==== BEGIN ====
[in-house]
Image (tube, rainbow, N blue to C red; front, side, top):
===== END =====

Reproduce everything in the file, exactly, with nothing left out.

[in-house]
Image (tube, rainbow, N blue to C red; front, side, top):